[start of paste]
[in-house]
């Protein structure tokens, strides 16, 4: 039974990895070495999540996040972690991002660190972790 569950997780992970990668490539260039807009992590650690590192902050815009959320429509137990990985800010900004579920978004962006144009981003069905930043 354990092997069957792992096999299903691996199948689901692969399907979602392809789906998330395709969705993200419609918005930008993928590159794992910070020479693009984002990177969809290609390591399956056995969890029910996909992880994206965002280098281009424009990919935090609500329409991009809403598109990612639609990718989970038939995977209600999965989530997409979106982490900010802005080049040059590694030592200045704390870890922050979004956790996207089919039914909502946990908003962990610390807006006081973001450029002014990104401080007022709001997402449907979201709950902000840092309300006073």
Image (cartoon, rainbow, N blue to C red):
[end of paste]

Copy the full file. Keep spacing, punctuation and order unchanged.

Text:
[in-house]
């Protein structure tokens, strides 16, 4: 039974990895070495999540996040972690991002660190972790 569950997780992970990668490539260039807009992590650690590192902050815009959320429509137990990985800010900004579920978004962006144009981003069905930043 354990092997069957792992096999299903691996199948689901692969399907979602392809789906998330395709969705993200419609918005930008993928590159794992910070020479693009984002990177969809290609390591399956056995969890029910996909992880994206965002280098281009424009990919935090609500329409991009809403598109990612639609990718989970038939995977209600999965989530997409979106982490900010802005080049040059590694030592200045704390870890922050979004956790996207089919039914909502946990908003962990610390807006006081973001450029002014990104401080007022709001997402449907979201709950902000840092309300006073």
Image (cartoon, rainbow, N blue to C red):